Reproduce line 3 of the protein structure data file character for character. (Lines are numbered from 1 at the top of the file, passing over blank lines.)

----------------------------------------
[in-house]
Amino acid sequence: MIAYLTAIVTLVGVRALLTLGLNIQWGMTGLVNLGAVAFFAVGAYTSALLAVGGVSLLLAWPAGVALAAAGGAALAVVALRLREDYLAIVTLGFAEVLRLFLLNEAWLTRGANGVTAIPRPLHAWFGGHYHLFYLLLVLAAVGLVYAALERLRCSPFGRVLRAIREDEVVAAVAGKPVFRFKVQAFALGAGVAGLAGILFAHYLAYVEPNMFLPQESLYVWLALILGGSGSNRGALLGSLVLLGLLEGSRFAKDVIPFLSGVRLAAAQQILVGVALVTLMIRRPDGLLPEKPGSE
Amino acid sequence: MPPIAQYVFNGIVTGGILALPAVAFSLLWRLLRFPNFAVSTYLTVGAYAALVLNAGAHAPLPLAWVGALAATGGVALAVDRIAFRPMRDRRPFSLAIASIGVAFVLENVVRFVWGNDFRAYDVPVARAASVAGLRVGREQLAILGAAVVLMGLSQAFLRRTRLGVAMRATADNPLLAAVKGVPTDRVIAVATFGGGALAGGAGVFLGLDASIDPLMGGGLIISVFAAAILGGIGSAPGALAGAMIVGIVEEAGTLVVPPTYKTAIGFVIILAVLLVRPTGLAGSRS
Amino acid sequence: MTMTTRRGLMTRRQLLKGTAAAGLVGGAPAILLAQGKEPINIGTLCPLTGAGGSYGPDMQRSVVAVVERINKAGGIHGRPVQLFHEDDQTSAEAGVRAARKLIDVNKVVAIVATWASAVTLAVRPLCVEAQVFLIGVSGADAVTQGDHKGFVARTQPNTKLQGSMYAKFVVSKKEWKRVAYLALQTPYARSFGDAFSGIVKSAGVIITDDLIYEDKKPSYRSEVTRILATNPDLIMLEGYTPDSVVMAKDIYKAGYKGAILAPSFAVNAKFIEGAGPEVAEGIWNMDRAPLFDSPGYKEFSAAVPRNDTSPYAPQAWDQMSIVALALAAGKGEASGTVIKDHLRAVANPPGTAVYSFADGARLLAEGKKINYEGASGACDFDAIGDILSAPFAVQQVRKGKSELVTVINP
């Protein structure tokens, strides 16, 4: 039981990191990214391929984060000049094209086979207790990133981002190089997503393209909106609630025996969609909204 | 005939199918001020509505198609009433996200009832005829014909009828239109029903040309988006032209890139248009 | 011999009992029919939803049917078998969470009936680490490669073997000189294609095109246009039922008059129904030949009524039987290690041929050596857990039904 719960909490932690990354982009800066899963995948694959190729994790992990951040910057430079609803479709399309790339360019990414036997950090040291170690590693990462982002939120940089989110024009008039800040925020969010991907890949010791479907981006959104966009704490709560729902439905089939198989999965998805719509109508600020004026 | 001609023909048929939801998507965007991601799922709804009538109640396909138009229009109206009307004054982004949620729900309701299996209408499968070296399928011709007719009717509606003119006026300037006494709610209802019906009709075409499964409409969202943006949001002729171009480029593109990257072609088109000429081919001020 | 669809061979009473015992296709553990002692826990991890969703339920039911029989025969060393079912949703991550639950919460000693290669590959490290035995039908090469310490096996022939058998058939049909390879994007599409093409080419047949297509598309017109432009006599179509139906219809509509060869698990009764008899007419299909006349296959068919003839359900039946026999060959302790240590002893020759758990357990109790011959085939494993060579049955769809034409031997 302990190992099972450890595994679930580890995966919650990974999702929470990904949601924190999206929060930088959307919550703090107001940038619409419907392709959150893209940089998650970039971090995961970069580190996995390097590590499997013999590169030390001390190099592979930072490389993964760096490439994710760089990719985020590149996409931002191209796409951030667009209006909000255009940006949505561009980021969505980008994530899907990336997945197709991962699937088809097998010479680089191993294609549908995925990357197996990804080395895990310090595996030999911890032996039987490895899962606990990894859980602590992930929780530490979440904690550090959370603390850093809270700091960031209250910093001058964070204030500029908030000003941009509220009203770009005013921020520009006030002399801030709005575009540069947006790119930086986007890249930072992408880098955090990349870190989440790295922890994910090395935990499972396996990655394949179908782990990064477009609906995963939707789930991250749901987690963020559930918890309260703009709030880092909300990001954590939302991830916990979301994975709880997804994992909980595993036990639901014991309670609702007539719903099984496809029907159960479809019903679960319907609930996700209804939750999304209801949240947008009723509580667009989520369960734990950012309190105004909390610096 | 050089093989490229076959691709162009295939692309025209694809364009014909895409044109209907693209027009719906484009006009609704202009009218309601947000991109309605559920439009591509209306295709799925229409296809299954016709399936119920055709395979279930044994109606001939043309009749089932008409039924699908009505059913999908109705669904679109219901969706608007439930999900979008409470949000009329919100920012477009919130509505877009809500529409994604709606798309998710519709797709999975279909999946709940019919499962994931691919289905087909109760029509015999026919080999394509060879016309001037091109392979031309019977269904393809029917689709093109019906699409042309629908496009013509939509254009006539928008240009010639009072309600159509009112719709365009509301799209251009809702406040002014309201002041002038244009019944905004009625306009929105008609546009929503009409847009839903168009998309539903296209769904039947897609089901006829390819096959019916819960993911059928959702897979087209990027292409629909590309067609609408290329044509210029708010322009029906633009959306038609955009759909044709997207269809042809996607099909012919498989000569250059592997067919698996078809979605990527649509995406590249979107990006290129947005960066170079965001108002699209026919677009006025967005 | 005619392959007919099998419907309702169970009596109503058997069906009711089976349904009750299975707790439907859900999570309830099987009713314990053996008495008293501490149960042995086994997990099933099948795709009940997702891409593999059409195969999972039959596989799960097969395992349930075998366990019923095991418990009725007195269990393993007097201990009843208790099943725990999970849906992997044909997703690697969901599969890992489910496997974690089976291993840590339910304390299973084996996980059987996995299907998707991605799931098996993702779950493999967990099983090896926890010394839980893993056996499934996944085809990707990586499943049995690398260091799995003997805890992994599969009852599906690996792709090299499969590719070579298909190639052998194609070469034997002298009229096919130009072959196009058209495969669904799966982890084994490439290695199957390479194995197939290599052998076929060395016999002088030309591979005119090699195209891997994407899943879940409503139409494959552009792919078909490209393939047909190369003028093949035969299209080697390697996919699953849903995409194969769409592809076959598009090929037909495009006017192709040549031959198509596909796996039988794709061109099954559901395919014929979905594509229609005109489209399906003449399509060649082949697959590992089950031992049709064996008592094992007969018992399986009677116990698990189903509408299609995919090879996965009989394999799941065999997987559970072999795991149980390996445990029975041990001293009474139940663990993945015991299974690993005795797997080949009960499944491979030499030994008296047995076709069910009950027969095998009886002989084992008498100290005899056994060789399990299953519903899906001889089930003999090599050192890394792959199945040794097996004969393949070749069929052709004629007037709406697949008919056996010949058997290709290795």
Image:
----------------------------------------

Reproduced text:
Amino acid sequence: MPPIAQYVFNGIVTGGILALPAVAFSLLWRLLRFPNFAVSTYLTVGAYAALVLNAGAHAPLPLAWVGALAATGGVALAVDRIAFRPMRDRRPFSLAIASIGVAFVLENVVRFVWGNDFRAYDVPVARAASVAGLRVGREQLAILGAAVVLMGLSQAFLRRTRLGVAMRATADNPLLAAVKGVPTDRVIAVATFGGGALAGGAGVFLGLDASIDPLMGGGLIISVFAAAILGGIGSAPGALAGAMIVGIVEEAGTLVVPPTYKTAIGFVIILAVLLVRPTGLAGSRS